The difference between the almost right word and the right word is “the difference between the lightning bug and the lightning.” Mark Twain turned that phrase 120 years ago and it’s still applicable. In fact, many writers will tell you the hardest part of the job is finding the most appropriate noun or verb for a given sentence. The reason is because we aim to avoid clichés, meaning we’re constantly challenging ourselves to be inventive in ways beyond concocting plots and characters.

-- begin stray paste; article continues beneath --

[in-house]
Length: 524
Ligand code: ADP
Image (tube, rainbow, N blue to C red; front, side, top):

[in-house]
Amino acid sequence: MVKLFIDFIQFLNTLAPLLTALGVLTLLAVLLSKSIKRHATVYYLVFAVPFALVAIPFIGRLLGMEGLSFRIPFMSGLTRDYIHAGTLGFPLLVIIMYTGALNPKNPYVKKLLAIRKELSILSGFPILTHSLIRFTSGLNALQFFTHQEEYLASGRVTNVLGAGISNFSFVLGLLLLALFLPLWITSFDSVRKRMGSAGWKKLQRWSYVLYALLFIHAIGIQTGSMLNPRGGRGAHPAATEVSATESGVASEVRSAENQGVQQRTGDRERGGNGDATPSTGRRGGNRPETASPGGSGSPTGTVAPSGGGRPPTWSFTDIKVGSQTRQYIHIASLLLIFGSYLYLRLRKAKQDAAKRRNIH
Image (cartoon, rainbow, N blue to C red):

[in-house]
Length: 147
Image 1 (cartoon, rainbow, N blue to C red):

Whether you’re a journalist, public relations professional or author of literary fiction, expanding your vocabulary is fundamental to improving the quality of your work. If you believe writing involves craftsmanship then language is the toolbox to accomplishment. As with any field, the practitioners who best know how to use their tools will be able to differentiate themselves. Besides the thesaurus, other reference books that will help you grow as a wordsmith include “The Flip Dictionary”, “Word and Phrase Origins” and “Roget’s Super Thesaurus”. These texts go beyond dictionary definitions, giving you etymological information as well as colloquial phrases in addition to traditional synonyms.